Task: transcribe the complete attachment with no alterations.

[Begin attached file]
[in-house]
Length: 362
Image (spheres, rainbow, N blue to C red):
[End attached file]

[in-house]
Length: 362
Image (spheres, rainbow, N blue to C red):